Hello DonorDreams blog readers!
This is part two in a five part series that I started yesterday with a post titled “Need some input from readers on ‘How to Set Expectations’ with board members.”
As you know if you read the first post in this series, I’m currently working on writing an eBook on the topic of “How to Engage Board Volunteers.” My plan is to divide the eBook down into the following sections:
- Setting Expectations
- Accountability & Urgency
- Organizational Best Practices
Within these sections, I want to provide samples and explanations of tools and practices that successful non-profit leaders use to keep their board volunteers engaged.*
The following set of tools are ones I’ve identified as being effective in helping with “accountability & urgency:”
- Board assessment (overall)
- Individual board member assessments (self-assessments & committee led assessment of individuals)
- Board member individual engagement plans
- Conflict of Interest policy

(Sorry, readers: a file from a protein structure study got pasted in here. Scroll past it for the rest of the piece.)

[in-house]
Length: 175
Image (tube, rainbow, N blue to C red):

- Ethics policy
- Goals (e.g. fundraising, organizational key performance indicators, etc)
- Action item log
- Committee work plans
In addition to using all of the aforementioned tools, I’ve used online services to help with project management and predictive performance.
What other tools have you used to clearly communicate ideas such as:
- Is a board member doing what they said they’d do
- Is a volunteer working “within the boundaries drawn by the board“
- Is the organization succeeding
- Are board members doing what needs to be done
Please take a minute out of your busy schedule to provide some feedback. Your suggestions on additional tools is also greatly appreciated.
Here’s to your health!
Founder & President, The Healthy Non-Profit LLC
*Note: I would be extremely grateful if you would share your best organization’s resources for possible inclusion as a sample in my eBook. If you are concerned about organizational privacy/confidentiality, I am more than willing to redact your organization’s name from whatever documents you provide if that is what you desire.